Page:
KUALA LUMPUR, June 23 — Plantation experts, who attended the web-based palm oil internet seminar (Pointers), have mixed views on the crude palm oil price (CPO) outlook following COVID-19 that would continue to slowdown the demand for the commodity globally, Public Investment Bank said.
Industry price forecasts range from RM1,800 per tonne to RM2,500 per tonne, versus the investment bank’s price forecast of RM2,300 per tonne.
“Positive views are led by the Malaysian Palm Oil Board (MPO), who thinks CPO prices could potentially hit RM2,500 per tonne this year, driven by the resumption of B20 programme and export tax exemption of crude palm oil, crude palm kernel oil and processed palm kernel oil from July 1 to Dec 31, 2020,” it said.
The same price forecast was shared with Veysel Kaya, a representative of Sunseedman, and the Malaysian Ministry of Primary Industries and Commodities (MPIC).
The MPIC’s bullish outlook view banked on better CPO exports performance in the second half, thanks to the tax exemption, with Veysel Kaya expecting the price to reach RM2,500 per tonne, the Middle East and North Africa were expected to consume about two million tonnes and 1.35 million tonnes Malaysian palm oil, respectively.
On the other hand, the bearish view is led by notable industry expert Dr James Fry from LMC international Ltd, who predicts that Malaysian palm oil stocks could surge as much as 50 per cent to three million tonnes by year-end.
The experts at the event, which was followed by about 5,500 viewers, have a CPO consensus forecasts price average of around RM2,300 per tonne.
Another speaker U.R Unnithan, founder and chief executive officer of Sumwin Group, said his price wide range of CPO price targets (RM1,800-RM2,400/mt) was based on Malaysia’s B20 biodiesel programme, Indonesia’s B30 biodiesel programme and post COVID-19.
“It is worth noting that Malaysia’s B20 biodiesel rollout is expected to commence in September 2020 and will be completed by June 2021 as per the original target,” he said.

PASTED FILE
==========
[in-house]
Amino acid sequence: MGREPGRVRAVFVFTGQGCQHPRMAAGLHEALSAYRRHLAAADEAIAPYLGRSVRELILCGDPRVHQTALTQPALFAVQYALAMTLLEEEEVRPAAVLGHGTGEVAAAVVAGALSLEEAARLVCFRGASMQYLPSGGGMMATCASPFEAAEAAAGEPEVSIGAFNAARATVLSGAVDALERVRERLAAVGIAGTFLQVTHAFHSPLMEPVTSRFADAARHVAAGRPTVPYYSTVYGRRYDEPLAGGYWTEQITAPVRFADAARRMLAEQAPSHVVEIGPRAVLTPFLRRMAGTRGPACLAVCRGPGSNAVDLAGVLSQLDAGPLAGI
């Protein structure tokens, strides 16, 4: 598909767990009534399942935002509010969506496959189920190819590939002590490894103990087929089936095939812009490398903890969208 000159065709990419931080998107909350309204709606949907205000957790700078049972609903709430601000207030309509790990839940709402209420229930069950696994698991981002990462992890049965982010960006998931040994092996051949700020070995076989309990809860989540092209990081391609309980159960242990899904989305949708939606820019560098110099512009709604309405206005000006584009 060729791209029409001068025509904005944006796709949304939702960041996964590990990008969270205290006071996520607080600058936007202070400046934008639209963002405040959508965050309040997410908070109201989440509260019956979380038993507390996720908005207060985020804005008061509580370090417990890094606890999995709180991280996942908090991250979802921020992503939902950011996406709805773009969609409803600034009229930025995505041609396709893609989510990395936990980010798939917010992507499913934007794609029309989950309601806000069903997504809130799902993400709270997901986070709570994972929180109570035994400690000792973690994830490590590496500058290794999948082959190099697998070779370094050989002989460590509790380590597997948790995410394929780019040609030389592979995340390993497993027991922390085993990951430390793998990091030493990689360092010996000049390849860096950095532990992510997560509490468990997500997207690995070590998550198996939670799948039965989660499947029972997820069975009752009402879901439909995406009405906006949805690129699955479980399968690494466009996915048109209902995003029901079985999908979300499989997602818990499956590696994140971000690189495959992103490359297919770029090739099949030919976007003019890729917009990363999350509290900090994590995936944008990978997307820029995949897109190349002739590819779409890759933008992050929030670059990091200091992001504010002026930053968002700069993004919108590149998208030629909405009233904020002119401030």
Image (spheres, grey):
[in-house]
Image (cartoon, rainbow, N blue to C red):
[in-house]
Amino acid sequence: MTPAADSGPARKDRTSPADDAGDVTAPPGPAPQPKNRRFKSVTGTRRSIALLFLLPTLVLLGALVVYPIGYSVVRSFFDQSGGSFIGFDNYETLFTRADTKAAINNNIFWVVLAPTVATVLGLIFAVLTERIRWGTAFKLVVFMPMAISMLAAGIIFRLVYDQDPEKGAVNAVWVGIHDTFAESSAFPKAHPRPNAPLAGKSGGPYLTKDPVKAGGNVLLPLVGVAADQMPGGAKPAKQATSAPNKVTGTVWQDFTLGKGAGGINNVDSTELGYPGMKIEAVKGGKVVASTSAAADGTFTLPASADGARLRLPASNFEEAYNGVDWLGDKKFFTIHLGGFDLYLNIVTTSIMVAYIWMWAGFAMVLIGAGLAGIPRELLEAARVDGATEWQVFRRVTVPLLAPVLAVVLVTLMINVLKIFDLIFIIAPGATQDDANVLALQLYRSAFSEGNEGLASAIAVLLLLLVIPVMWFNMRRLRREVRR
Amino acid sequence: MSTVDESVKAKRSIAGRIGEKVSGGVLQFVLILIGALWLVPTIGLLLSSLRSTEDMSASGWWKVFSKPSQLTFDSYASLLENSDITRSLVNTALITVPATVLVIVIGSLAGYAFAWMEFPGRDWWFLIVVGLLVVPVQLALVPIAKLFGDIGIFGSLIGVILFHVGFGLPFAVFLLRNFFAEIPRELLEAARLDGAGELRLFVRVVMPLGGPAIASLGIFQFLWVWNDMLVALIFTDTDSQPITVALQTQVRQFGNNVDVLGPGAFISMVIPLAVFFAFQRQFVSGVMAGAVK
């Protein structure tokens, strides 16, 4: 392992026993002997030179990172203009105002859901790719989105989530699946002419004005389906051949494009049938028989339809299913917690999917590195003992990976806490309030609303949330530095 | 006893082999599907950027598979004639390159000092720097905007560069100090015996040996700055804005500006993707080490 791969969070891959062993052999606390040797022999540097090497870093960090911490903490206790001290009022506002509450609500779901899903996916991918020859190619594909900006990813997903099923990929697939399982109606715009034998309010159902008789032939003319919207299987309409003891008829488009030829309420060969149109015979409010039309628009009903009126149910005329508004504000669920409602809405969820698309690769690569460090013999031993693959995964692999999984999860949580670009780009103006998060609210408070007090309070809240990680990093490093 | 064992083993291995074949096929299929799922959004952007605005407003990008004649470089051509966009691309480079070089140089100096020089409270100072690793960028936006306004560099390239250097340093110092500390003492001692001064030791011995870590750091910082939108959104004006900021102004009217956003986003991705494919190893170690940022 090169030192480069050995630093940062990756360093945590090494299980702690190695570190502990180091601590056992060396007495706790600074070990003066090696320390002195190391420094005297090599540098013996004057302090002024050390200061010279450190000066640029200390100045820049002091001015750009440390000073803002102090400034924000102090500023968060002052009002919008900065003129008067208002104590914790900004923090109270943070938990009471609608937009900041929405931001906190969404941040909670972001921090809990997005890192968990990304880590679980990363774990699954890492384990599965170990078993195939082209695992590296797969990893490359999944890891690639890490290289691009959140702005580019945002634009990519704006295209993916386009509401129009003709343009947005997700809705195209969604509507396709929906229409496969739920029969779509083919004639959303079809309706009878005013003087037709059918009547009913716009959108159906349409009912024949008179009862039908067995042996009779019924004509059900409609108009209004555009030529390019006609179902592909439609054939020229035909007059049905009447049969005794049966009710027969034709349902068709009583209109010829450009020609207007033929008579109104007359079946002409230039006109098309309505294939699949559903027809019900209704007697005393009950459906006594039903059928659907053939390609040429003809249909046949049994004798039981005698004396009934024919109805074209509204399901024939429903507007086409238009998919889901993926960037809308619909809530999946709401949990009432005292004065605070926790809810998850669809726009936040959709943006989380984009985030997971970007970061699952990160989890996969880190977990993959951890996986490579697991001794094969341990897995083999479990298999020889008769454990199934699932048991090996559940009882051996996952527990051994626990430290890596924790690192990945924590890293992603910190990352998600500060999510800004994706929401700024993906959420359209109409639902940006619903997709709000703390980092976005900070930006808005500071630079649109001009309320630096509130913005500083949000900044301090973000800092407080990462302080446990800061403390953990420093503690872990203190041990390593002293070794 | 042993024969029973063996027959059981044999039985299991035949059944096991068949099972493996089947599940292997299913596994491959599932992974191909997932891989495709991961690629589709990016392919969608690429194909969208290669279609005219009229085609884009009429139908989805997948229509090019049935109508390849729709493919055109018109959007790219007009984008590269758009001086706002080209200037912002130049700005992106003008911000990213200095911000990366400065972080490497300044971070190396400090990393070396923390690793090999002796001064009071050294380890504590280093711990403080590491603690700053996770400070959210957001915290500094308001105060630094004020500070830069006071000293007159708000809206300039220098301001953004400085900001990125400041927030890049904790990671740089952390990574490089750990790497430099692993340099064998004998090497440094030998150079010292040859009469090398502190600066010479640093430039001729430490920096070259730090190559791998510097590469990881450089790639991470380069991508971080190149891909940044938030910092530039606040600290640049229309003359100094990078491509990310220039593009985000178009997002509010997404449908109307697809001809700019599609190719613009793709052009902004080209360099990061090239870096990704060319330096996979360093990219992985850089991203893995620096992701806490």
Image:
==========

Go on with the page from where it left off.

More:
Unnithan said a total of 550,000mt (+77 per cent year-on-year) of biodiesel was produced in the first five months of 2020 and nearly 50.1 per cent of the total biodiesel production or 280,000 tonnes was exported.
Meanwhile, Thomas Mielke, executive director of ISTA Mielke GmbH, Oil World, foresaw global consumption of palm oil to fall this season for the first time on record as coronavirus-led recession slashes demand for edible oils and fats.
He cautioned that the palm oil usage will drop by 2.2 million tonnes or around three per cent from last season’s.
MPO chief executive officer Datuk Dr Kalyana Sundram said the council had an average CPO price forecast of RM2,337 per tonne this year provided the current scenario of production consumption and demand remains status quo.
He sees a low of RM2,080 per tonne if there is a shift in market elements such as weaker crude oil prices or downturn in demand from major consuming countries, namely, India, China, the EU and the US.
“On the other hand, if Malaysia and Indonesia proceed with their implementation of biodiesel blending mandates as planned in 2020 and lower oilseed production in Europe in the upcoming harvesting season, CPO prices could potentially hit as high as RM2,594 per tonne,” he said.
However, China, according to Shanghai Pansun representative Cai Neng Bin, may not have strong intention to replenish its current low palm oil stocks, given the increasing CPO prices.
“Despite the mixed outlook by most speakers, we notice that their views on the key driver for palm oil price movement largely hinges on the oil price movement as it plays a vital role in biodiesel demand and the prolonged impact of COVID-19 as slow economic recovery could be a drag on palm oil demand.
“The government’s decision to ban foreign labour recruitment until year-end is also going to be a big hit to the labour-intensive plantation sector as foreign labour makes up nearly 84.1 per cent of the total work force,” he said.
Majority of them are harvesters and collectors (38 per cent) and field workers (33 per cent), considered as tough jobs for the locals.